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Google's New AI Has Learned to Become "Highly Aggressive" in Stressful Situations

Is this how Skynet starts?

BEC CREW
13 FEB 2017
 

Late last year, famed physicist Stephen Hawking issued a warning that the continued advancement of artificial intelligence will either be "the best, or the worst thing, ever to happen to humanity".

We've all seen the Terminator movies, and the apocalyptic nightmare that the self-aware AI system, Skynet, wrought upon humanity, and now results from recent behaviour tests of Google's new DeepMind AI system are making it clear just how careful we need to be when building the robots of the future.

 

In tests late last year, Google's DeepMind AI system demonstrated an ability to learn independently from its own memory, and beat the world's best Go players at their own game.

It's since been figuring out how to seamlessly mimic a human voice.

Now, researchers have been testing its willingness to cooperate with others, and have revealed that when DeepMind feels like it's about to lose, it opts for "highly aggressive" strategies to ensure that it comes out on top.

The Google team ran 40 million turns of a simple 'fruit gathering' computer game that asks two DeepMind 'agents' to compete against each other to gather as many virtual apples as they could.

They found that things went smoothly so long as there were enough apples to go around, but as soon as the apples began to dwindle, the two agents turned aggressive, using laser beams to knock each other out of the game to steal all the apples.

You can watch the Gathering game in the video below, with the DeepMind agents in blue and red, the virtual apples in green, and the laser beams in yellow: 

Now those are some trigger-happy fruit-gatherers.

Interestingly, if an agent successfully 'tags' its opponent with a laser beam, no extra reward is given. It simply knocks the opponent out of the game for a set period, which allows the successful agent to collect more apples.

 

If the agents left the laser beams unused, they could theoretically end up with equal shares of apples, which is what the 'less intelligent' iterations of DeepMind opted to do.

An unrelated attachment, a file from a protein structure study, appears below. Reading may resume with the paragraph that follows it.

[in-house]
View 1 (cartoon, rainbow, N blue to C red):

It was only when the Google team tested more and more complex forms of DeepMind that sabotage, greed, and aggression set in. 

As Rhett Jones reports for Gizmodo, when the researchers used smaller DeepMind networks as the agents, there was a greater likelihood for peaceful co-existence.

But when they used larger, more complex networks as the agents, the AI was far more willing to sabotage its opponent early to get the lion's share of virtual apples.

The researchers suggest that the more intelligent the agent, the more able it was to learn from its environment, allowing it to use some highly aggressive tactics to come out on top.

"This model ... shows that some aspects of human-like behaviour emerge as a product of the environment and learning," one of the team, Joel Z Leibo, told Matt Burgess at Wired.

"Less aggressive policies emerge from learning in relatively abundant environments with less possibility for costly action. The greed motivation reflects the temptation to take out a rival and collect all the apples oneself."

DeepMind was then tasked with playing a second video game, called Wolfpack. This time, there were three AI agents - two of them played as wolves, and one as the prey.

Unlike Gathering, this game actively encouraged co-operation, because if both wolves were near the prey when it was captured, they both received a reward - regardless of which one actually took it down:

"The idea is that the prey is dangerous - a lone wolf can overcome it, but is at risk of losing the carcass to scavengers," the team explains in their paper.

"However, when the two wolves capture the prey together, they can better protect the carcass from scavengers, and hence receive a higher reward."

So just as the DeepMind agents learned from Gathering that aggression and selfishness netted them the most favourable result in that particular environment, they learned from Wolfpack that co-operation can also be the key to greater individual success in certain situations.

And while these are just simple little computer games, the message is clear - put different AI systems in charge of competing interests in real-life situations, and it could be an all-out war if their objectives are not balanced against the overall goal of benefitting us humans above all else.

Think traffic lights trying to slow things down, and driverless cars trying to find the fastest route - both need to take each other's objectives into account to achieve the safest and most efficient result for society.

It's still early days for DeepMind, and the team at Google has yet to publish their study in a peer-reviewed paper, but the initial results show that, just because we build them, it doesn't mean robots and AI systems will automatically have our interests at heart.

Instead, we need to build that helpful nature into our machines, and anticipate any 'loopholes' that could see them reach for the laser beams.

As the founders of OpenAI, Elon Musk's new research initiative dedicated to the ethics of artificial intelligence, said back in 2015:

"AI systems today have impressive but narrow capabilities. It seems that we'll keep whittling away at their constraints, and in the extreme case, they will reach human performance on virtually every intellectual task.

It's hard to fathom how much human-level AI could benefit society, and it's equally hard to imagine how much it could damage society if built or used incorrectly."

Tread carefully, humans...

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